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19 December 2013 12:36 pm ,
Vol. 342 ,
After 20 years of trying, researchers have finally convicted massive volcanic eruptions in Siberia as the culprit in...
Five federally funded optical and radio telescopes in the United States could be forced to shut down over the next 3...
A 2-year budget agreement pushes back the threat of sequestration but leaves scientists still wondering how much money...
After a decade away from physics, Robert Laughlin, a Nobel laureate at Stanford University in Palo Alto, California,...
Computer scientists and others have teamed up to persuade the 117 state parties to the Convention on Certain...
The swine flu pandemic of late 2009 had a peculiar aftereffect in parts of Europe: a spike in children being diagnosed...
- 19 December 2013 12:36 pm , Vol. 342 , #6165
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Blood Carries Stem Cells to Brain
16 April 2003 (All day)
Injecting adult neural stem cells into the bloodstream of mice eases the debilitating symptoms of a disease similar to multiple sclerosis (MS). Although any application for humans is uncertain, scientists are intrigued by the possibility of simply delivering these cells via the bloodstream, rather than into the brain.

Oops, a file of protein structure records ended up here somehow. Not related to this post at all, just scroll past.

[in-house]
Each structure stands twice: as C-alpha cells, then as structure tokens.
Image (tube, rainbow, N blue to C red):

MS prompts the body's immune system to attack the myelin sheaths that help guide signals between neurons. Without sufficient myelin, patients develop brain lesions, have trouble walking, and suffer fatigue. Today, drugs that suppress the immune system are the treatment of choice, but researchers are also experimenting with stem cells and other cell types to rebuild the myelin sheath. Injected right into a lesion, such cells can fix the problem. The trouble is that patients tend to have many lesions, rendering direct injection impracticable.
Neurologist Gianvito Martino and his colleagues at San Raffaele Hospital in Milan, Italy, wanted to know whether adult neural stem cells could migrate to multiple brain lesions. To find out, they gave these cells to mice suffering from experimental autoimmune encephalomyelitis, a disease that closely resembles MS. Injected into either the bloodstream or spinal fluid, the stem cells found their way to the damaged areas where they turned into the more specialized oligodendrocytes cells and rebuilt the myelin sheaths. Forty-five days after injection, treated mice could walk again, the scientists report in the 17 April issue of Nature. The successful repair of myelin by intravenously injected neuronal stem cells could be a big step toward an improved therapy for humans, says Martino.
“The notion that you can target not just focal lesions but disseminated lesions using this type of delivery system is very powerful,” says Ian Duncan, a neuroscientist at the University of Wisconsin, Madison. “That's what I think the real take-home message would be.”